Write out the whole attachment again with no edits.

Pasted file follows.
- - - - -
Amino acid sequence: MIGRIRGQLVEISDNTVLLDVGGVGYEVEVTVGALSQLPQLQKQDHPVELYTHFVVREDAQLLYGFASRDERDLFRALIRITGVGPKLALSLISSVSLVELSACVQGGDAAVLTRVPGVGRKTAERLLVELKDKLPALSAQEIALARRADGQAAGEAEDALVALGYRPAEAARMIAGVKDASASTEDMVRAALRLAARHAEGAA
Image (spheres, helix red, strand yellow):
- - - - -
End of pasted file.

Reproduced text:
Amino acid sequence: MIGRIRGQLVEISDNTVLLDVGGVGYEVEVTVGALSQLPQLQKQDHPVELYTHFVVREDAQLLYGFASRDERDLFRALIRITGVGPKLALSLISSVSLVELSACVQGGDAAVLTRVPGVGRKTAERLLVELKDKLPALSAQEIALARRADGQAAGEAEDALVALGYRPAEAARMIAGVKDASASTEDMVRAALRLAARHAEGAA
Image (spheres, helix red, strand yellow):